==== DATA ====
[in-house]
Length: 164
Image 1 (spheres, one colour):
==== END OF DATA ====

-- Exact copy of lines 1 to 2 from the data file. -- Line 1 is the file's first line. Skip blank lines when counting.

[in-house]
Length: 164